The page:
Spain: December 1526, 1-10

Pages 1028-1038

Calendar of State Papers, Spain, Volume 3 Part 1, 1525-1526. Originally published by Her Majesty's Stationery Office, London, 1873.

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December 1526, 1-10

4 Dec. 626. Alonso Sanchez, Imperial Ambassador in Venice, to the Emperor.
M. Re. Ac. d. Hist.
Salazar, A. 39,
f. 159.
(Cipher:) Wrote last on the 10th of October. The enclosed for the Viceroy (fn. n1) will inform His Imperial Majesty of what has occurred since his arrival. Has written to ask for instructions and inquire whether he is to remain at Venice or go away. Is waiting for the Viceroy's answer. — Venice, 4th Dec. 1526.
Signed: "Alonso Sanchez."
Addressed: "To His Sacred, Imperial and Catholic Majesty."
Indorsed: "To the King. 1526. Venice. Sanchez, 4th Dec."
Spanish. Original entirely in cipher. Contemporary deciphering on separate sheet (.. 171). pp. 1½.
4 Dec. 627. The Same to the Viceroy of Naples.
M. Re. Ac. d. Hist.
Salazar, A. 39,
(Cipher:) On hearing of his (the Viceroy's) arrival in Corsica he (Sanchez) wrote by way of Rome, and sent a duplicate of his letter to Genoa. Sends now a triplicate of the same, in case the two former have not reached him.
There is a report [in Venice] that the Imperial fleet has anchored on the coast of Sienna, and landed at one of the Siennese ports, which, if true, is by far the best and most advantageous course to be pursued under present circumstances, since by marching immediately upon Florence, that city may again have its liberties restored, and a good sum of money may be obtained from the citizens by way of monthly contribution for the support of the Imperial army. This being done His Excellency will have no difficulty whatever in marching on Rome, now without defences, since the whole of the Papal army is on the frontier facing the Colonnese, and the forces lately sent from Naples for their support. This being accomplished, the Imperial generals might turn their attention towards the Venetians, by far the most powerful of the Emperor's enemies in Italy, not only on account of the strong places they hold, but also of the assistance they expect to receive from France, if it be true, as reported, that they have lately made overtures to King Francis and promised him the duchy of Milan. But even granting that France were to help Venice with a powerful army, there can be no doubt that the League being virtually dissolved, Florence, Sienna, Mantua and other countries siding with the Emperor, and the Duke of Ferrara being at the head of the Imperial forces, the Imperialists can successfully cope with those of France and Venice united. Takes God to witness that he (Sanchez) is averse from war, but if peace cannot be obtained on conditions suitable to the Emperor's dignity and greatness the best course to be pursued is to strike a decisive blow at once.
The agreement with the Duke of Ferrara could not happen at a better time; both the Pope and this Signory fear it more than the reinforcements just received from Germany and Spain. The Duke is a very wise politician, understands Italian affairs better than anyone else; has much influence, considerable treasure at his disposal, and is undoubtedly the best weapon that could be selected against the Venetians. Could His Excellency secure also the services of the Marquis of Mantua (Federigo Gonzaga) he might be useful. The mere promise of restoring to the Marquis the territories which the Venetians last took from him, and still retain, would be a sufficient incentive for him to declare in our favour, especially if the Duke of Ferrara wrote to him on the subject. Both the Duke and the Marquis could easily keep the Venetians at bay (los ternan los dedos en los ojos).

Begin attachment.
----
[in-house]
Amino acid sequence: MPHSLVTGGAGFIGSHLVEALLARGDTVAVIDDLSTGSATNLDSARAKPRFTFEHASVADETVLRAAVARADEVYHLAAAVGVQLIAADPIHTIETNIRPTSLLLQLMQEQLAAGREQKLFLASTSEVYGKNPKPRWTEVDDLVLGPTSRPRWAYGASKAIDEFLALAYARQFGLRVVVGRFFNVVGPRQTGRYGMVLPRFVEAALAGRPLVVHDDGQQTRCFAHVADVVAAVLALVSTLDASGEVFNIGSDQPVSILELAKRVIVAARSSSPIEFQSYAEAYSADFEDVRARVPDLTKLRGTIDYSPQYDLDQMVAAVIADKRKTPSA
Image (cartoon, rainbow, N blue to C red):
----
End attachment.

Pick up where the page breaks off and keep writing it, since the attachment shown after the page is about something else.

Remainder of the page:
Hears that the Signory have lately held four or five of their councils called preghay, in consequence of the Pope being in great fear of these German reinforcements, and having sent to implore their help. It was thereat discussed whether orders ought not to be sent to their general the Duke of Urbino to cross the river Pò with part of the confederated army, and hasten to the defence of Parma and Piacenza, threatened by our troops. Has been told that the result of their deliberations was not to send such orders to the Duke, but to desire him to remain in the Mantuan territory, where he is at present, and try at any risk to prevent the march of George Fruntsperg. This, however, could not be accomplished, for he hears that the Germans crossed the river the other day. The rest of the army of the League, under the Marquis of Saluzzo, is still in the Milanese territory, quartered in the districts round the city. It is chiefly composed of Frenchmen, Switzers, Frantopins and Grisons.
Respecting His Holiness this must be said of him, that having first pardoned, or promised to pardon all those concerned in the last outrage (insulto), he has since deprived Cardinal Colonna of all his offices and dignities, and is about to do the same with his relatives and adherents. He has, according to information received from Rome, wrought such damage on their territory, destroying their crops, burning their villages, and demolishing their castles and strong places, that the Turk himself has not acted more cruelly towards the Hungarians than he (the Pope) has done towards Christians living in the dominions of the Church.
Will not conceal from His Excellency that in his opinion there is now an opportunity for resuming the negotiations commenced after the victory of Pavia by means of the Milanese ambassador in this city (Taverna). His Excellency must recollect that the mere offer made at the time of some of the Pope's lands was sufficient to make the Signory listen to our proposals. The same expedient might now be tried with success, though on the other hand it may perhaps be imprudent to help the Venetians to an increase of territory.